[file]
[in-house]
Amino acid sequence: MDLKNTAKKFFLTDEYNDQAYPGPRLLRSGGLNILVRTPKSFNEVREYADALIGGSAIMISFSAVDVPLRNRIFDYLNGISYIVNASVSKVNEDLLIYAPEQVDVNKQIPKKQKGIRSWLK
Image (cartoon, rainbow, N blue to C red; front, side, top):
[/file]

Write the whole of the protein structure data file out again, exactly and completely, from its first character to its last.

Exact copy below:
[in-house]
Amino acid sequence: MDLKNTAKKFFLTDEYNDQAYPGPRLLRSGGLNILVRTPKSFNEVREYADALIGGSAIMISFSAVDVPLRNRIFDYLNGISYIVNASVSKVNEDLLIYAPEQVDVNKQIPKKQKGIRSWLK
Image (cartoon, rainbow, N blue to C red; front, side, top):